Priority areas of improvement


The analytical note examines the main problems and shortcomings of the current health care system in Ukraine. The main advantages, disadvantages and risks of transformations are determined. The main problems that stand in the way of introducing a mandatory health insurance system in Ukraine are formulated. The priority tools for increasing the effectiveness of the functioning of the Ukrainian health care system are proposed.


Reforming the medical industry is an integral part of socio-economic transformations in Ukraine. The Economic Reform Program for 2010-2014 “Prosperous Society, Competitive Economy, Effective State” lays the foundations for building a qualitatively new health care system. The main goal of the reform is to build a health care model that would ensure equal and fair access of all members of society to the necessary medical services, high quality and cost-effectiveness of these services while maintaining a socially acceptable amount of state guarantees. One of the important tasks of reforming the health care system at the current stage is the preparation of conditions for the transition to the insurance or budget-insurance model (compulsory social health insurance (OSMS).

Despite the fact that the debate on the introduction of OSMS in Ukraine has been ongoing for at least the last nineteen years, in connection with which relevant bills have been repeatedly developed, among scientists, government officials, legislators, employers, trade unions, representatives of the medical community and ordinary citizens, and still there is no unified opinion regarding the final direction of the development of the national health care system, the vision of the ways of its financing, as well as regarding the necessity, possibility and form of introduction of insurance medicine.

Meanwhile, problems in the field of health care indicate the need to immediately find ways to reform the medical industry.

1. Lack of resource provision in the field of health care, in particular, a low share of health care costs relative to the gross domestic product (GDP) of Ukraine. Over the past five years, it has fluctuated between 3-4%, which is almost 3 times lower than the average global costs for medical care.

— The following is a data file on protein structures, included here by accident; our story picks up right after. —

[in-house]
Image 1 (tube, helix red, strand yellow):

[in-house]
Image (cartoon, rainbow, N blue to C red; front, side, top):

2. Disadvantages of the mechanisms of state financing of the health care sector, in particular:

– The total amount of health care financing from the state and local budgets increases annually (Fig. 1). Thus, in 2010, the total volume of financing amounted to UAH 41.7 billion, of which: the general fund (budget funds) amounted to UAH 39.4 billion, which is UAH 9.4 billion (31.5%) higher than in 2009 (2009 r. – UAH 29.9 billion), including: local budgets pay in the amount of UAH 32.1 billion with an increase of 30.6%, the state budget – in the amount of UAH 7.3 billion with an increase of 35.8%; special fund (own funds of institutions, institutions, Stabilization Fund) – UAH 2.3 billion. The specific weight of health care expenditures in the total volume of GDP is 3.6% (2009 – 2.9%). From 2000 to 2011, the financing of the health care sector increased almost tenfold (in 2000 – 4.8 billion UAH, in 2010 – 41.7 billion UAH). The increase in budget financing of the health care sector is mainly related to the need to increase the salaries of medical workers. However, there is no objective improvement of the provision of the industry. The level of salaries in the medical field, according to the State Committee of Statistics, remains one of the lowest.

– The share of non-state and informal components of financing is high. Despite the constitutional guarantee (Article 49) of state financing of the health care sector, in Ukraine, the total financing is almost half provided by the non-state share of financing, which is formed at the expense of investments, charitable contributions, personal expenses of the population, etc. According to research, the volume of informal/shadow payments is 41.0–50.0%.

– Duplication of funding from budgets at different levels is observed.

– The formation of the estimate of medical institutions takes place depending on the capacity of the medical institution (the number of beds and medical personnel), and not on the real needs of the population for medical care, which leads to extensive development of the industry. The majority of state funding goes to funding hospitals, with 80-90% of it spent on staff wages and utilities.

Thus, despite a certain increase in budget funding of the health care sector in recent years, its size in per capita terms remains very low, which leads to an increase in the share of personal expenses of the population (both official and unofficial) and the replacement of free medical care paid

3. Imperfections of the structural and organizational model of the POPs, in particular:

− In Ukraine, in addition to the health care system, which is under the responsibility of the Ministry of Health of Ukraine (MoH of Ukraine), there are a number of parallel medical services of the systems of ministries and departments (14), which finance 42.3% of health care expenses health from the state budget. The presence of departmental health care systems also turns into supporting the duplication of capacities of medical institutions, and, accordingly, inefficient use of public funds.